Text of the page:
Some people intended to create the hub for hobbyists like themselves, be they collectors (ICollectBarbies.com, AirForcePatchCollectors.com) or aficionados of lesser-known sports (IPlayCricket.com, ILoveIceFishing.com). The promise of finding people who dance your dance (FoxTrotDenise.com, Love2LineDance.com), drink your drink (BeersILove.com), or appreciate your favorite aquatic species (JellyfishGallery.com, ArtOfCatfish.com, BeckyLovesFrogs.com) can be a siren song. Some online ambitions centered around a TV show (a Seinfeld fan's FestivusMaximus.com, a South Park fan's ImSuperThanksForAsking.com). Or musical act (Mad4Oasis.com, AdorableBritneySpears.com). Or even favorite first and former first-daughters (BarbaraAndJennaBush.com, ILoveChelseaClinton.com).

There are expired URLs for every mood. High-self esteem (DavidIsRight.com and IAmBlessedAndHighlyFavored.com) and low (ISuckAtEverything.com, DontWreckMe.com). Optimistic (ItsMarvelous.com and ImPumped.com) and expecting the worst (ItsNotGoingToHappen.com). There are names for the fed-up (ThatsBullcrap.com), apologetic (HoneySorryIAmWrong.com), self-doubting (SheOnlyLikesMeWhenImHigh.com), self-loathing (IAmABrainDeadMoron.com, IAmBloated.com). There are sympathetic URLs (ItHappensToEveryMan.com) and fanciful ones (ItsSoBig.com). There are obsessive names (IHaveYouInMind.com) and ominous names (ItsLaterThanYouThink.com) and even lactose-intolerant names (DairyNot.com).

We all learn that love doesn't necessarily last forever (even Janelle's beloved, who registered ILoveJanelleForever.com only to set it adrift). And the sorrow and resentment that can result from disaffection often seeks a podium of its own. Such emotion may well have lead to IDislikeRob.com, GordonIsAMoron.com, IHateAdamOliver.com, and HeatherThompsonIsABigDork.com (though the last sounds more like it was registered by Heather's little sister). Though MeganAndAndreaAreLesbians.com may have been intended as a virtual coming-out party, it sounds more like a bulletin board for disgruntled ex-boyfriends. Think that's harsh? For all-out fury -- spent perhaps in the very act of URL registration -- it's hard to beat IHateAndrewSalkeldTheFatUglyGreasyStarTrekLovingWanker.com. If she really wanted to drive the point home, the owner of that inspired URL should have doled out free e-mail addresses to all of her friends (Heather@IHateAndrewSalkeldTheFatUglyGreasyStarTrekLovingWanker.com, for example). It takes a while to type, but talk about your viral marketing.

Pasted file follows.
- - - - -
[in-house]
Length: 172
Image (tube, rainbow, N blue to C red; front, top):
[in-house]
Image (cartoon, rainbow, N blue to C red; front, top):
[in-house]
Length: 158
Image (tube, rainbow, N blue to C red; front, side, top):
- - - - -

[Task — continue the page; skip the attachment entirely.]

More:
After a URL lapses, all that remains is a listing in an "expired domains" database, and that for only a few months, before it is purged from the great Internic registry, as if it never existed. But maybe owning the URL, albeit temporarily, was enough. Even before the site is built, a domain name can provide an image, a statement, an insult, a compliment, a joke, a wish, a confession, a meeting ground, and a sales pitch. Why these domain names were registered, what they intended to reveal, remain hidden within their lapsed anonymity. But the lost URLs themselves say what I suspected all along: YouCan’tHandleTheTruth.com, YouCantStopMe.com, YouDontWantToKnow.com, YouHaveNoIdea.com, YoudBeSurprised.com. It could all be true. Just one last question though, for the person who registered I-Love-You-Heather.com. Was it me? Did I do something wrong? How could you let that go?

There is a lot more in the original article at Salon.com.